Set in Madrid and Seville as well as some isolated villages in the South of Spain, the cinematography by Christopher Doyle, who was worked extensively with Wong Kar-wai, is filled with elegantly-composed images of dark streets, barren landscapes, city skylines, and world class paintings. Getting his instructions at the airport before leaving for Madrid from Creole, played by the French actor Alex Descas, de Bankolé is told simply to go to a café and look for the violin. Further instructions come from various people he meets along the way in the form of a greeting “you don’t speak Spanish, right?” and the exchange of matchboxes, one of which contains a curious code which the hit man simply eats. De Bankolé hardly ever speaks other than to say “yes” or “no.”
We learn little about him other than he prefers two cups of espresso served in separate cups and that he practices Tai Chi. We also discover that he likes women because we can see that he is tempted by the naked beauty Paz de la Huerta who suddenly appears in his hotel room. Although he openly admires her backside, he tells her that he never engages in sex while he is working (though I’ve never seen anyone who is working do such little work). As de Bankolé goes from location to location, each scene becomes a variation of the one that came before. Included are some provocative sequences such as repeated visits to an art gallery in Madrid, and a scene inside a bar in which de Bankolé watches a rehearsal of an exquisite flamenco dance in which the singer delivers dialogue from the first scene of the film warning us like some spiritual guru about the limits of ego.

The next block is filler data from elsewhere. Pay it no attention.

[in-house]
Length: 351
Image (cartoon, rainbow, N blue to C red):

“Those who think they are important”, he sings, “wind up in a cemetery – a handful of dust”. Along the way, we are introduced to some of recognizable stars. Tilda Swinton in a platinum wig, white cowboy hat, and boots talks about film noir, saying how she admires characters that never speak. Luis Tosar talks about musical instruments. Youki Kudoh speaks about molecular reconfiguration and the things that are possible in science. John Hurt tells us about the origins of the word “bohemian”. Gael Garcia Bernal talks about how consciousness can be altered by psychoactive drugs like Peyote. Finally, Bill Murray as the ugly American corporatist says that our minds have become polluted by all of the subjects that have been previously discussed.
Supported by a soundtrack of electronic music by the trio Boris, The Limits of Control is a film of mystery and silence and unexpected twists that is about the power of imagination and poetry to operate without arbitrarily imposed limits. Sensing that we are in a period of change, Jarmusch says, “I almost feel like we’re really on the cusp of an apocalypse of thought because all of these old models that they tell us are reality are all crumbling.” What the “apocalypse of thought” will look like is uncertain but the film has a hypnotic, dreamlike quality that challenges the distinction between what is real and what is a product of the mind. In the film’s final sequence, de Bankolé surveys a compound guarded by masked security officers with guns. The next minute, we see him inside the compound confronting the object of his search. When asked how he got in, he simply replies, “I used my imagination.” If you want to know how that occurs, I would echo the film’s message and say – use your imagination. That’s all that there is anyway.
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